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Report No. 21

Clause 74

General.-This deals with measure of liability for

(i) general average contribution; and

(ii) salvage charges.

Application of the section.-The section [sub-section (1) is intended to indicate the rules governing measure of liability of the insurer for amounts which the assured has paid or is liable to pay as general average contribution. Loss caused directly by the act of assured himself is not the subject-matter of the section.

Contributory Value.-The measure of indemnity is governed by "Contributory value". The contributory value of an interest is its arrived value less any expenses or charges incurred after the general average act which would not have been incurred had this proved abortive.1-2

If the contributory value is less than the insured value, the insurer pays in full. Otherwise his liability is rateably reduced.

The rules actually adopted in buFiness practice as to contributory values provide that contribution shall be made, "upon the actual net values of the property at the termination of the adventure, to which values shall be added the amount made good as general average for property sacrificed if not already included." (with certain deductions).3

Illustration.-The following illustration4 may be useful:-

Cargo insured on valuation of 5000

Particular loss amounting to 10%

Deduction from the insured value [vide last 20 words of sub-section (1)] 500 (i.e., 5000 divided by 10).

Basis of insurer's liability thus reduced to 4500 (5000-500).

On the above data-

(i) if the contributory value is less than 4500, the insurers are liable in full for general average contribution [section 73(1), earlier part].

(ii) if the contributory value is more than 4500, the insurer's liability is proportionately reduced. For example, if the contributory value is 6000, the Insurers pay only three-fourths (4500/6000) of the general average contribution, [section 73(1), middle part].

Salvage.-Sub-section (2) provides that liability for selvage charges5-i.e., extent of liability-will be determined on the like principles.

Criticism regarding salvage charges.-Two criticisms have been made against this provision (relating to salvage charges)-

(i) The subject-matter must contribute to salvage charges on the basis of its saved value and not its arrived value as in general average.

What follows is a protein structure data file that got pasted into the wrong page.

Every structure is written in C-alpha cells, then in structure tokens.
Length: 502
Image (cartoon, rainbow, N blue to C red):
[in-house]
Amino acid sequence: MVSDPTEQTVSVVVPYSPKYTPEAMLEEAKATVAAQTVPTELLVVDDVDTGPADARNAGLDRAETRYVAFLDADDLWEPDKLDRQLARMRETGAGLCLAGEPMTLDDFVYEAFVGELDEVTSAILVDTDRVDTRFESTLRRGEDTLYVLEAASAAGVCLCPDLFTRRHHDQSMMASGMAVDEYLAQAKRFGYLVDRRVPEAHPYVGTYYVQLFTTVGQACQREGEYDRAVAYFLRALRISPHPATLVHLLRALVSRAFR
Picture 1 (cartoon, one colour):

(ii) Where a portion has been actually sacrificed in general average and the general average act necessitates salvage, one difficulty arises. The salvors can collect pro rata on the saved values, while the contribution in general average must be based on arrived values. The sacrificed portion does not, however, actually "arrive" but should be charged with its share of the general average (on equitable principles). But since it was not saved, the salvors cannot expect it to meet any proportion of the salvage remuneration. This difficulty was formerly solved6 by introducing (in statements of general average) a figure called "hypothetical salvage", representing the value on which the sacrificed goods would have contributed to the salvage if they had not been sacrificed. This ensures equitable distribution of the burden by placing the sacrificed goods in no better position than if some other interests had been sacrificed. (The assured contributing on the basis of this hypothetical value can of course recover from the insurer under section 66(5)].

However, in modern times, rule 44A of the Rules of Practice of the Association of Average Adjusters7 provides that "expenses of salvage services rendered by or accepted under agreement shall in practice be treated as a general average provided that such expenses were incurred for the common safety " It is, therefore, unnecessary to pursue the matter further.

1. Dover, p. 430.

2. For a detailed treatment of contributory values, see Keate, pp. 128-129.

3. See Rule XVII of the York-Antwerp Rules, 1950, reproduced in Keate, p. 177 and in Dover, p. 749. See also the Rules of Practice of the Association of Average Adjusters, rules 30, 31, 32, 33 and 34, reproduced in Keate, p. 194 and Dover, p. 734.

4. Cf. Dover, p. 430-431.

5. See clause 66.

6. Dover, p. 43.

7. Reproduced in Dover, p. 739 and in Keate, p. 200.



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